Kirby Institute’s Professor Andrew Lloyd and Associate Professor Garrett Prestage have each received NHMRC Partnership grants of over $1 million, announced yesterday by the Federal Government.
The grants will support the delivery of highly collaborative, multi-sector projects that will support the delivery of treatments and programs to alleviate infectious diseases among marginalised populations.
Professor Andrew Lloyd received over $1.15 million for a project that is aimed at improving the public health literacy of those living and working in the prison sector to enhance hepatitis C treatment uptake amongst prisoners.
“The prison sector is very important for the Australian hepatitis C elimination effort as almost one third of all antiviral treatments now occur in this setting. This project will evaluate a new hepatitis C education and awareness-raising program, tailored to the unique circumstances of the prisons,” said Professor Lloyd.
“Highly effective antiviral treatments for chronic hepatitis C are now available. Every state and territory prison system has well-developed hepatitis treatment services in place, but more needs to be done to increase the number of people in custody being tested and treated.”
The project will bring together prisoner health service and correctional organisations from across Australia, along with consumer support organisations, and key pharmaceutical companies to provide a new education program that is ‘prison-focused’ and targets all of the key groups in the sector – prisoners, as well as correctional officers and health care staff. The project aims to raise awareness, change negative attitudes, and support health promoting behaviours amongst prisoners to enhance treatment uptake.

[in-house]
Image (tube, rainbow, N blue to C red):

Professor Andrew Lloyd and Associate Professor Garrett Prestage
Over $1 million was awarded to Associate Professor Garrett Prestage, who is chief investigator on a project to treat and support gay and bisexual men who experience difficulties due to their use of methamphetamine.
“Methamphetamine dependence is a key public health priority for Australia. Gay and bisexual men have very high rates of drug use and are at high risk of methamphetamine dependence, which needs appropriate referral to tailored counselling, clinical care, and peer support,” Associate Professor Prestage said.
The project brings together longstanding collaborators and partners Kirby Institute, ACON, St Vincent’s Hospital Sydney, NDARC, NADA and Positive Life NSW, maximising the wide-ranging, cross-sector expertise in developing and delivering programs and services that meet the health needs of this often hard-to-reach group.
“Through the diverse expertise that close partnerships between community, the health sector and the research sector brings, this project will help improve access to care and support and reducing methamphetamine dependence and its harmful outcomes,” said Associate Professor Prestage.